The governments of Japan and the Philippines reached a basic political agreement on the Japan-Philippines Economic Partnership Agreement (JPEPA) on 29 November 2004 at the ASEAN Summit in Laos. The agreement was then signed in Helsinki on 9 September 2006 and came into force on 11 December 2008. It was the Philippines’ first free trade agreement and Japan’s fourth.
JPEPA was and remains hugely controversial. Filipinos — and on some issues, Japanese groups — mobilised to stop the deal for many reasons, including the following:
– the small job market openings for Filipino healthcare workers are very limited (the workers must learn Japanese, undergo equivalency exams, stay for only a restricted time etc) and overlook the real potential for abuse of Filipino workers in Japan;
– concerns that Japan will gain access to and be able to overfish Philippine waters, ruining the livelihoods of small fisherfolk;
– any supposed benefits for increased pineapple and banana exports to Japan would in fact go to corporations like Dole and Del Monte, and their local business partners, who own and run the plantations in the Philippines — not to small or landless Filipino farmers;
– its unconstitutionality, since JPEPA allows Japanese corporations to own land, operate schools and practice certain professions in the Philippines which the Philippine Constitution does not allow;
– the huge imbalances in the deal, e.g. Japan excluded almost 200 tariff lines from the agreement, the Philippines only six; and
– the fact that JPEPA gives explicit legal ground for Japan to dump toxic wastes in the Philippines.
last update: May 2012
Photo: Karasantos / CC BY-NC-SA 2.0
Akbayan Citizens’ Action Party has asked the Philippine Supreme Court to stop the government from finalizing an economic agreement with Japan, which the party-list group alleges contains a provision that will allow this country to trade its hazardous and toxic waste products.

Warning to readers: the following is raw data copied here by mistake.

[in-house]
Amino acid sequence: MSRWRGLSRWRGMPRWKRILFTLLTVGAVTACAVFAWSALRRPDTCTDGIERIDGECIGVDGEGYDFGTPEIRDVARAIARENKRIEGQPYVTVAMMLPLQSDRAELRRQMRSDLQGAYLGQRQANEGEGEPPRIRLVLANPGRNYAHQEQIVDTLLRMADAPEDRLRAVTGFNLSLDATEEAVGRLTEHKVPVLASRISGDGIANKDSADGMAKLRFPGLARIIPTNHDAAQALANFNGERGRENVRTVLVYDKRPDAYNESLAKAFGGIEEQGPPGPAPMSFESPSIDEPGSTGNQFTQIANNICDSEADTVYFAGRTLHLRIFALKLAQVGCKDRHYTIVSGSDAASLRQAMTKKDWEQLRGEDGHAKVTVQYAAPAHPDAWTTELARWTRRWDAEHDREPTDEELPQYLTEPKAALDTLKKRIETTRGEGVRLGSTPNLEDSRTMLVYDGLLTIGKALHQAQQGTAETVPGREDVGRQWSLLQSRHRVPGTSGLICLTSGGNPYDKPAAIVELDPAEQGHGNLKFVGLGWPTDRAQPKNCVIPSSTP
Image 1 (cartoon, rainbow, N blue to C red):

THE Philippines and Japan are working double time to be able to firm up within this year their long-delayed economic pact aimed at easing trade restrictions between the two nations.
Japan has urged the Philippines to restart talks on the stalled negotiations of the bilateral Economic Partnership Agreement (EPA) so they can conclude all negotiations within the month. The Philippines has remained non-committal until a case filed by civic groups with the Supreme Court, seeking a temporary restraining order to bar the Philippine government from concluding the bilateral Free Trade Agreement (FTA) with Japan, is resolved.
The Japanese are keen on resolving contentious issues on the automotive sector under the Japan-Philippines Economic Partnership Agreement within the month.
The Philippines hopes to secure a deal with Japan by next month on the proposed free trade agreement.
The Philippines will push for a provision in a planned free-trade deal with Japan that would allow renegotiation on motor vehicle tariffs by 2009.
The number of Filipino nurses and caregivers who will be allowed to enter Tokyo under the Japan-Philippines Economic Partnership Agreement (JPEPA) remains to be among the contentious issues preventing both parties from sealing a bilateral accord.
Negotiations regarding the Philippine-Japan trade accord may be delayed until 2006, four months behind the government’s schedule, because of the continued delay in the proceedings.
AKBAYAN Rep. Mayong Aguja today scored the Department of Trade and Industry and the Executive for failing to fully disclose and inform the public of the exact contents of the Japan Philippines EPA.
Ford Motor Group in the Philippines has put up a strong pressure on the government against signing a free trade pact with Japan that will put its assembly and exports program in the country at a disadvantage over Japanese assemblers.